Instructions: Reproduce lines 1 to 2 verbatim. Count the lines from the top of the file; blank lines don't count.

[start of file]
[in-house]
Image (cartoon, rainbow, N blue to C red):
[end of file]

[in-house]
Image (cartoon, rainbow, N blue to C red):